Victoria had a record 191 cases two days ago (Australian eastern standard time), so the state government has now put the lockdown on the entire metropolitan area of Melbourne plus the Shire of Mitchell for six weeks. That includes the shire I live in, which has one active case, but the line has to be drawn somewhere. The NSW government has closed the border with Victoria, which has not happened since the Spanish flu a century ago. The other states and the Northern Territory had closed their borders some time ago. The school holidays have been extended by a week, except for years 11 and 12 and specialist schools. The other levels may return to remote learning.


    Victoria has had 2,942 cases, 22 deaths, none in nursing homes, and 1,0008,6777 tests (with a positive rate of 0.29 per cent), and there are now 860 active cases (https://covidlive.com.au). There are some big clusters; e.g., one school in Truganina had 90 cases at last report.


    There are three explanations offered for this disaster. First of all, the supervision of hotel quarantine, imposed on all returning Australians, was particularly lax in Victoria, with the private security guards taking the quarantinees shopping or engaging in intimate activities with them, catching the virus and then spreading it to their families and communities. Corrections Victoria has taken over the supervision now. Secondly, the BLM protestors were allowed to go unfined despite ignoring the rules, thus telling everybody else not to worry about the rules. Thirdly, too many people just decided not to the right thing.


    Now, in comparison with most of the world, Australis and Victoria have still done really well, but there is no case for bragging. This virus is not going away. No one can be slack about it. People have to keep their distance, wash their hands and follow the advice of the health authorities. Schools, while low transmitters, are not exempt.
     
    DonutBoy99 and Catgirl1964 like this.
  12. Corvuscorax

    Corvuscorax Star commenter

    Thank you for the update @Christopher Curtis . So have you gone back into lockdown yourself then? How are you feeling? Are you a teacher? Are you teaching online again?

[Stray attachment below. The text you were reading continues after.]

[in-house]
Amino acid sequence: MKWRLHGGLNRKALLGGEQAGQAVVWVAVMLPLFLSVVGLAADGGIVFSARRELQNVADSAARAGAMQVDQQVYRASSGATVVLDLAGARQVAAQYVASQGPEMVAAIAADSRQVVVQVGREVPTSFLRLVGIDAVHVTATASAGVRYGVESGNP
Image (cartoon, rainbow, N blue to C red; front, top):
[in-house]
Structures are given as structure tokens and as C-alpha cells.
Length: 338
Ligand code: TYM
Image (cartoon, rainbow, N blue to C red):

13. Christopher  Curtis

    Christopher Curtis Occasional commenter

    Corvuscorax,


    I retired years ago, so I don’t need to teach online, but there are some other activities that used to be face to face that are now on line.


    I’m back in lockdown. I don’t mind because I don’t have a job to lose, I live in an almost virus-free area, I’m not sick and I can still get my favourite coffee and cake from the local café, just by takeaway now not by sitting down. I had my last sit-down today. The place is so good that the coffee and cake had arrived at my table before I had even ordered it.


    Some people find it a lot harder than I do. Our circumstances are different.


    Crises bring out the best in some people and the worst in others. Our political leaders, state and federal, Liberal and Labor, have been excellent, taking advice from the health professionals and putting aside the petty point scoring that is so much a part of politics for the greater good of the nation.


    I hope all is well with you.
     
    DonutBoy99 and Corvuscorax like this.
  14. Christopher  Curtis

    Christopher Curtis Occasional commenter

    Things are now really bad in Victoria, with triple-digit numbers of cases day after day and two more deaths – all because a few people did the wrong thing!


    The government has now announced that most students in metropolitan Melbourne and the Shire of Mitchell will not return to school but will have remote and flexible learning. Years 11 and 12 students, those with disabilities and those whose parents have to work will be able to return to school. Specialist schools and kindergartens will be open as normal. The details are at https://www.premier.vic.gov.au/return-to-flexible-and-remote-learning/. There is more information at https://www.education.vic.gov.au/about/department/Pages/coronavirus.aspx.
     
    Corvuscorax likes this.
  15. Corvuscorax

    Corvuscorax Star commenter

    Thinking of you
     
  16. Christopher  Curtis

    Christopher Curtis Occasional commenter

    Thanks, Corusvorax.


    When I went to my local café for my takeaway coffee on Saturday, I counted 80 people without face masks and one person with one. They are now recommended if you cannot maintain social distance, 1.5 metres here. Today I have to enter the edge of the metropolis, so I expect to see a few more, and I will be wearing mine. I bought some earlier this year because the bushfire smoke was so bad everywhere. You take care too.
     
    frangipani123 likes this.
  17. ridleyrumpus

    ridleyrumpus Star commenter

    That's a big cafe.
     
  18. Christopher  Curtis

    Christopher Curtis Occasional commenter

    Good one, ridleyrunpus. It is a big café, but I counted the people outside too!
     
  19. Christopher  Curtis

    Christopher Curtis Occasional commenter

    The pandemic continues to rage in Victoria, with new cases in triple digits each day. The government has now mandated face masks in metro Melbourne and the Shire of Mitchell whenever you are outside your home – with some exceptions. It is also providing face masks for all schools, compulsory for students but not teachers:

    https://www.premier.vic.gov.au/face-coverings-and-masks-for-metro-schools/.
     
  20. Corvuscorax

    Corvuscorax Star commenter

    That is interesting. How is that working? disposable ones? how many per student per day? how are they being disposed of? Are they being treated as biohazard?